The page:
float, is well, a C++ floating point.
FFloat32 is a structure that represents a float as well as (via a union) the decomposed bitfields for that float's sign, mantissa and exponent parts.
You should generally never use
FFloat32 except when:
- you're using some API that expects a
FFloat32 (these are very rare) or
- you need to do some kind of low-level bit hackery with a floating point value (also fairly rare these days)
It's not that
FFloat32 is bad, per se, it's just that it doesn't really offer you anything you'd need for general-purpose floating point usage.
It is less common than a plain old
float, which has some minor readability impact (others may not know immediately what it is for at a glance). It also doesn't implicitly convert to
float so you'll be typing
something.FloatValue a lot, which is also not a big deal, but could get tedious.
Finally, its use of unions and bitfields is non-portable, and implementation-defined (see below). This is not your problem, it is Epic's job to make sure the type is structured so that it's usable for all supported implementations, but it's a potential source of bugs if they fail to catch an issue with the implementation of the type when a new compiler version is released or added to the list of supported compilers.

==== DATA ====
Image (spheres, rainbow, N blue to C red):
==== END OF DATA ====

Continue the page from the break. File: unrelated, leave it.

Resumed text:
So unless you have a need to play with the individual bits in the floating point representation, you should probably just avoid
FFloat32 (its cousin,
FFloat16, may have slightly more utility as there is no standard 16-bit C++ floating point type).
It used to be common to manipulate floats via integer representations of their components for "speed." Modern computers obviate much of that need for many platforms, and the various type-punning techniques that could be used to do this sort of thing can actually be detrimental to performance or correctness in any event.
It should be telling that a search of Unreal's GitHub repository reveals very few uses of the
FFloat32 type. All of them are in the the definition of
FFloat32 itself or in the definition of
FFloat32 does two things which the C++ standard calls out. It:
- allows you to act as if more than one member of the union is active at one time; you are expected to write to the floating point members and read from one of the integer members (9.5.1, [class.union])
- expects the bitfield allocation within the union to match that of the bit allocation of an IEEE floating point value; however, allocation and alignment of bitfield members within a class type is implementation defined (9.6.1, [class.bit])